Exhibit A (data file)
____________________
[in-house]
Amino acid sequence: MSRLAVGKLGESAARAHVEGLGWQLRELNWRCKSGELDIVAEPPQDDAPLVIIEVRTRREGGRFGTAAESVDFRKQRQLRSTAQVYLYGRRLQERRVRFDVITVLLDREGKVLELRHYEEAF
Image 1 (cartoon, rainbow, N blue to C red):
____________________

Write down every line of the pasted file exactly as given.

[in-house]
Amino acid sequence: MSRLAVGKLGESAARAHVEGLGWQLRELNWRCKSGELDIVAEPPQDDAPLVIIEVRTRREGGRFGTAAESVDFRKQRQLRSTAQVYLYGRRLQERRVRFDVITVLLDREGKVLELRHYEEAF
Image 1 (cartoon, rainbow, N blue to C red):